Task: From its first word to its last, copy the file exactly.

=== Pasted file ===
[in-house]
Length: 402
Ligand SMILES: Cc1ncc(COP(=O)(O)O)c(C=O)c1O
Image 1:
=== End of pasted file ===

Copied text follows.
[in-house]
Length: 402
Ligand SMILES: Cc1ncc(COP(=O)(O)O)c(C=O)c1O
Image 1: